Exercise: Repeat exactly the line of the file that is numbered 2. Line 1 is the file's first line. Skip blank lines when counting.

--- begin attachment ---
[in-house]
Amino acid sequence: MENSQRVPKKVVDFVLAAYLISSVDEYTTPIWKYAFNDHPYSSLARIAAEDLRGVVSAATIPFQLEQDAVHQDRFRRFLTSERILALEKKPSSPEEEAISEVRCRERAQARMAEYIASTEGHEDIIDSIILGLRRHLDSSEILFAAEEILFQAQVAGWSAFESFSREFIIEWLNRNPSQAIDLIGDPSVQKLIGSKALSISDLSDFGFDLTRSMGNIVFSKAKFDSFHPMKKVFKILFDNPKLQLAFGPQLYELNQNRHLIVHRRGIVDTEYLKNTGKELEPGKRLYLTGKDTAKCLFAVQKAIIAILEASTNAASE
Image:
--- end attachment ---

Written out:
Amino acid sequence: MENSQRVPKKVVDFVLAAYLISSVDEYTTPIWKYAFNDHPYSSLARIAAEDLRGVVSAATIPFQLEQDAVHQDRFRRFLTSERILALEKKPSSPEEEAISEVRCRERAQARMAEYIASTEGHEDIIDSIILGLRRHLDSSEILFAAEEILFQAQVAGWSAFESFSREFIIEWLNRNPSQAIDLIGDPSVQKLIGSKALSISDLSDFGFDLTRSMGNIVFSKAKFDSFHPMKKVFKILFDNPKLQLAFGPQLYELNQNRHLIVHRRGIVDTEYLKNTGKELEPGKRLYLTGKDTAKCLFAVQKAIIAILEASTNAASE